In your opinion, what are the consequences of young voices not being heard--- both in the short term and on a grander scale? How do you think youth can be included in decision making processes?

Also, when you said "... more effort needs to be shown for the millions of dollars that are being spent on the trials," do you mean the trials themselves should be better/moving along faster or do you mean that money should be spent otherwise? I'd love to hear your thoughts about the trials and how people feel about them, in general.

What do you think about Duch's sentencing? I read in a press release, issued by DC-Cam, that people were happy about the ruling. It was hard to tell if they were putting an optimistic spin on the trials or if that is the truth. I'm almost hesitant to share my opinion because justice & reconciliation initiatives must be tailored to fit the needs of Cambodia. So my own notions of justice are so irrelevant in this case. With that said, I have to admit that I was really shocked to hear that he will serve only 19 years--- possibly 12.5 since under cambodian law, convicted criminals may be eligible for early release after having served 2/3 of their sentence. In the US, lengthy prison sentences are handed out like candy (which I don't necessarily agree with)...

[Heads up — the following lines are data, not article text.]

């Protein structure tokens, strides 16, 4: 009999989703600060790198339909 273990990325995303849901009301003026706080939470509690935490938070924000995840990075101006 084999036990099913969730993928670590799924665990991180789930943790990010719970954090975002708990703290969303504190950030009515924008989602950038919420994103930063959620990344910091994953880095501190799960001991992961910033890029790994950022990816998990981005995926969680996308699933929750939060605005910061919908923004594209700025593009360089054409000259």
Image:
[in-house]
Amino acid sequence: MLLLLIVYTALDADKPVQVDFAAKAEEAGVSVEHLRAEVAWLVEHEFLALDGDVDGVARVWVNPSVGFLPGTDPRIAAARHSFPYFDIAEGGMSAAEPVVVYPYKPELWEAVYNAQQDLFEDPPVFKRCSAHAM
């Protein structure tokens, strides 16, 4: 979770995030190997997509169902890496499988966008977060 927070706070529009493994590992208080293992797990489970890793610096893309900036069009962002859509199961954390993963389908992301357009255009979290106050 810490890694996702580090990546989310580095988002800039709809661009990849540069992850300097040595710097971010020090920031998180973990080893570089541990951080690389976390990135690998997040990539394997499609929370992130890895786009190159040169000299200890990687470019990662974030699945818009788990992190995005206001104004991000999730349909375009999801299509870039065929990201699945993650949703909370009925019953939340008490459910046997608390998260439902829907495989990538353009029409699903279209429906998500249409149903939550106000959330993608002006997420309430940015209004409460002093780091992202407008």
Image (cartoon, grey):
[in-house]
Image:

I miss Cambodia so much. I will graduate from college this May. I hope to move to Cambodia....

Tripti's picture

It is sad to hear

It is sad to hear about Cambodia's history. I always knew about Holocaust and it always brought me curiosities and i thought it was the only horrible past of the world history, but when i read your post, i was wronged.
I also agree that we though have gotten over with physical war between people, we shouldn't forget and forgive. We should fear this type of violence could happen again if we completely overlook the history and its consequences.
I love Cambodia. Though i have never been there, I think it is a beautiful country. Whenever i hear the name "Cambodia", a good feeling comes over me. I never thought that Cambodia was a victim of such evil. Hope no country have to go through such torment.